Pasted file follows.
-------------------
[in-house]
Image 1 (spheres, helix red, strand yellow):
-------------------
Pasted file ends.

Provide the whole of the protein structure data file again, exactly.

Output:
[in-house]
Image 1 (spheres, helix red, strand yellow):